2018 Mazda 6
- 7th June 2018 by SGDriver
- Pretty to look at
- Turbo power to match
- Decent value
- Lots of standard safety gear
- Good balance between ride and handling
- Turbo-4 too little, too late?
- Awful infotainment system
- New Signature trim doesn’t meet expectations
- Could be more fuel-efficient
The 2018 Mazda 6 is proof that there’s life beyond the mainstream. This mid-size sedan has long cut its own path, and this year it does so with gusto to match its looks.
A new turbo-4 option breathes life into the stylish 6. Hopefully someone takes notice since this is the ultimate under-the-radar sedan.
The 6 is one of very few family saloons that are genuinely fun to drive, with sporty road manners and
some impressive engines that do a fine job of combining strong performance and good fuel economy. Low CO2 emissions find favour with fleet drivers, too, as does the Mazda’s keen pricing which makes rivals look a bit expensive.
Although it’s not available as a hatchback, both the saloon and Tourer estate provide plenty of room inside for five people, plus generous boot capacities. The crisp, sporty lines don’t impact too much on space, although it’s not the most practical in this class. A facelift in 2015 made this car even better, improving the plain dashboard design – which had been one of its few weaknesses.
The Mazda 6 is a well established rival to the Mondeo and Passat. The original model was introduced back in 2002, with a second-generation car following in 2007. But the Mk3 which arrived in 2013 is the best yet, using the very latest Mazda SkyActiv engine tech, a well-sorted chassis and a sleek body.
Technology took a step forward in the 2015 facelift and 2016 updates. It means 6 is a thoroughly up-to-date large family car that offers a high level of sophistication and modernity.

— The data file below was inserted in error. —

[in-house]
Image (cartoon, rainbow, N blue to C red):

As of 2016, Mazda tweaked parts of the interior, but also added a new system called G-Vectoring aimed at improving handling stability. The changes are very minor and the driving experience feels barely altered from behind the wheel, so it doesn’t alter the 6’s class position.
In giving it a driver-focused character, Mazda has built something that feels more agile. The benefit of this sporty suspension is excellent handling across all versions of the 6. Turn-in is sharp, there’s plenty of grip (particularly with the Sport Nav’s 19-inch wheels) and feedback through the steering is accomplished. The 6 is a great driver’s car and owners seem to really rate its talents behind the wheel.
Two engines form the core of the Mazda 6 range: a 2.0-litre SkyActiv-G petrol and 2.2-litre SkyActiv-D diesel. Both are offered in two power outputs: the petrol with 143bhp or 162bhp, and the diesel with 148bhp or 173bhp.
Instead of the ugly built-in centre display, the car now gets a freestanding-style seven-inch set-up in a silver surround. Functions can now be controlled via the touchscreen or a BMW iDrive-style rotary wheel between the front seats – for ultimate convenience. Other technology offered within the Mazda 6 includes an 11-speaker Bose sound system and a head-up display: both are standard on the Sport Nav, which also gets LED headlights, adaptive front lighting, keyless entry, electric leather seats and, from 2016, a heated steering wheel. Radar cruise control is also offered on some Sport Nav variants.
The Mazda 6 has a top-quality air, with plush plastics and stylish trims. Its sporty steering wheel and cowled dials have traces of the MX-5 roadster. The boot is still pretty roomy, though, plus there’s no shortage of passenger space; the large exterior dimensions are reflected inside. There’s an excellent, feelgood driving position, with plenty of adjustment to take full advantage of this space, and when you sit behind the wheel the Mazda 6 inspires confidence. Passengers fare pretty well in the Mazda 6. Wide door openings make getting in and out easy and, once inside, there’s decent legroom.
With a talented chassis, good looks and a well equipped interior, the Mazda6 makes a good choice – the Mazda6 is well worth checking out.